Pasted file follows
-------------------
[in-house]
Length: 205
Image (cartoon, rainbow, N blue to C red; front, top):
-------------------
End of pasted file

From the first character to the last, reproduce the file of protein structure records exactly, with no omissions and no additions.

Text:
[in-house]
Length: 205
Image (cartoon, rainbow, N blue to C red; front, top):